As popular as sleeping in a hammock is becoming, there are some unfortunate sides of it as well. Hammocks are beneficial when set up in the correct position, with just enough tightness in the cords to prevent sags but not tight enough to create a springboard of material. Improper positioning of the hammock can lead to additional body aches that you are already experiencing.

Hammocks can also pose a hazard if you are the type of sleeper that moves constantly throughout the night. A person sleeping in a hammock has a higher risk of falls than the person that spends their night in a stationary bed which provides no movement. If the hammock isn’t bolted in a supportive place, either with a frame or even into wall studs, added weight can cause them to collapse.

The mattresses that are available to fit into a hammock are generally thinner to avoid overlap on the edges. They are also designed for solo sleep which can lead to issues if you share your bed with a partner. Two people in a hammock can be uncomfortable when your body is forced to sleep in a “back only” position. Cuddling or other activities can cause the hammock to tip over, sending the occupants crashing to the floor.

What is a Bed?

Beds are stationary frames that support a mattress, box spring, along with a headboard and footboard if applicable. They are the more common item used for slumber, with sales worldwide. People can sometimes confuse a bed and mattress, believing they are the same thing, when actually the bed is the piece of furniture on which the mattress rests.

Bed frames can be made from metal or wooden materials or sometimes a combination of both. They are rectangular frames with a center of slats or interwoven material to provide a cradle for the mattress.

Benefits of a Bed

There is a reason that a bed has been and continues to be the trusted sleeping object of choice globally. A bed will not move in position unless the sleeper physically pushes the frame to a new location. The worry of not falling can ease a person’s mind, lessening the chances of waking up throughout the night.

Bed Frame with Storage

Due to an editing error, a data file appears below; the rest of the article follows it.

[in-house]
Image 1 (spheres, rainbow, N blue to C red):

Raised Style Bed Frame

Depending on the style of bed chosen for your bedroom, you can create multiple storage options, whether through a raised style with open space between the frame and floor, or a style with built-in drawers of various sizes.

Raised Sections Bed Frame

The options for raised sections are available in a bed, whether you need to have your neck at a certain height or prefer to elevate the legs. There are thousands of options for mattresses to best suit the needs of the individual and even ones available that set to the preferences of dual occupants.

Downsides of a Bed

Beds are not without their cons, as nothing in this world is 100% perfect. A bed can take up ample space in the bedroom, and people generally have to decorate around their bed.

Beds offer little to no circulation, which can form a breeding ground for bacteria and dust mites. This bacteria and/or mites can lead to numerous ailments of the body, from infection to respiratory illness. Allergy sufferers may find a bed and mattress combination increases flare-ups, due to the lack of air throughout the material.

Conclusion

Regardless of the popularity of a style of sleeping furniture flooding media today, ultimately the best one to decide on what will benefit you the most is YOU. When a person spends approximately 1/3 of their lifetime sleeping, shouldn’t it be in style and comfort?

Why spend your nights depriving your body and mind of precious fuel creating sleep to match the latest trend or listening to what others tell you. Consult a medical professional, talk to experts, and listen to consumers to gather research, but make sure the final decision is yours.